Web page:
Andy Hornby, the boss of Britain's biggest mortgage lender HBOS, predicted yesterday a "fundamental shift" in the lending markets that will leave homeowners paying considerably more for new loans than they have in recent years, The Independent reports.
"Looking forward, we can already see that mortgage pricing is starting to adjust to reflect increased wholesale funding costs," he told a banking conference in London. "Increased mortgage costs to consumers will inevitably lead to a slowdown in the mortgage market."
Recent weeks have already seen price increases in some types of mortgages, particularly tracker products, offered by Abbey, Alliance & Leicester and Nationwide as well as HBOS's Halifax business. These loans are closely reliant on the short-term money markets, where lending rates have soared above the Bank of England's base rate.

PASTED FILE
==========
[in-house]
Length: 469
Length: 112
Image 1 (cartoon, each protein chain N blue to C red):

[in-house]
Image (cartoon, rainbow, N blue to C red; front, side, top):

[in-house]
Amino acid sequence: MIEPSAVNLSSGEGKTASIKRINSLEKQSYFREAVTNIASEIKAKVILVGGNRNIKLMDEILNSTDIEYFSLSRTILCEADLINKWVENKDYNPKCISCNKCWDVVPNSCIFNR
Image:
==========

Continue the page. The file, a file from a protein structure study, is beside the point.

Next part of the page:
FINANCIAL INFORMATION BILLIONAIRE Michael Bloomberg has warned that both London and New York will be hit if a continued downturn in financial services occurs as a result of the global credit crisis, according to The Telegraph.
Mr Bloomberg speaking in his capacity as the Mayor of New York, urged the need for caution in both cities' economies. "London and New York are both very dependent on financial services. If financial services slows down, we're all going to feel some pain," he said.
Mr Bloomberg speaking in his capacity as the Mayor of New York, urged the need for caution in both cities' economies
"I keep warning people that we need to be more cautious. You just have to understand we've had a number of years of continuous growth, and nothing rises forever."
BAA, WHICH HAS a monopoly on operating Britain's largest airports, has been criticised strongly by the Competition Commission today for overcharging airlines and failing to deliver acceptable levels of passenger service at Heathrow and Gatwick, The Times reports.
The regulator said that BAA, which was bought by the Spanish construction Grupo Ferrovial this year in a debt-ladened £16 billion, charged passengers more than its levels of service justified.
It said that the airports had "acted against the public interest" by failing to manage security queues to avoid "unacceptable delays to passengers".
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